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Walking in Wenatchee

By on April 27, 2020 in Outdoor Fun with 2 Comments
Darlene Matule stretches against Ped, a bronze sculpture on the riverfront trail. Photo by Donna Cassidy

What? Her walk? Yes, and the sights and people she sees are soul enriching

By Darlene Matule 

Years ago, if someone had told me I’d someday be living in downtown Wenatchee — in an old fruit warehouse — I’d have told them, “You’re crazy.”

Now I do live in that old fruit warehouse. And I love it.

We moved from Chelan in 2006 because the first-class healthcare was 45 minutes away. Five major surgeries later (four for Steve, one for me) we know we made a wise choice. 

Even if I were 30 years old and had no health problem worse than an occasional hangnail, I’d still choose to live in Wenatchee.”


But stop! Besides good doctors and hospitals, why do people come to Wenatchee? 

The answer — sports: Boating, fishing, golfing, hiking, rock climbing, river rafting, skiing, swimming.

“Mom,” my unbelieving daughter, who used to compete in AAU swim meets, said, “You? Sports? In 20 years vacationing at Lake Chelan Shores I never saw you in the pool. Reading books is your sport.” 

I pouted. “I’ll have you know I walk three miles a day. Five days a week.

“And,” I continued, “I walk to my bank. Where I also go to my twice-a-month meetings of Wenatchee Valley Writer’s Group. To the library. To two shoe stores. You know I love shoes! To my attorney’s office. To a mail drop.

“At first I could walk to the actual post office, and to several restaurants. To a delightful home décor store. Don’t you remember? Last Christmas you said it was like a fairy land. 

“And… how could I forget the Owl Soda Fountain where I get milkshakes served in a tall metal container that reminds me of my childhood? And, to get right down to the nitty-gritty of life, to the Plaza Super Jet where I can and do buy everything from chilled wine to tomatoes. And Crackle Barrel Cheddar cheese, which no other store in town carries.”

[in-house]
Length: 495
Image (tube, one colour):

She acquiesced. I continued walking.

Wenatchee Avenue is a living history lesson. I love history. 

In four blocks, six buildings have the date built cut in stone — from 1906 to 1921. Three have bronze plates designating their inclusion in the Register of Historic Places. Three more have oval history plaques. 

Personally I remember Mills Brother’s store (100-plus years in business) from 2006 when my husband rented a white tuxedo for our 50th wedding anniversary. Their service and quality of merchandise equaled that we’d experienced in Spokane and Tacoma.

Everyone is friendly. I enjoy stopping and chatting with store owners on The Ave. At the pet store (even though I don’t have my dear Shadow dog any more). Two separate flooring stores. The Vietnamese restaurant (Tran has a compelling story). Davis Furniture (where master tile-layers were re-storing historic tiles).

I greet friends having coffee at Mela’s outside tables.

As I walk the pedestrian bridge, I see miles of empty oil rail tankers en route to The Bakken to refuel. And, once in a while, a jet plane in progress on its way from South Carolina to Everett.

Exiting, I’ve watched a dump turn into the newly opened Hilton Garden Inn. Over to the right is the Pybus Public Market (which deserves an article of its own).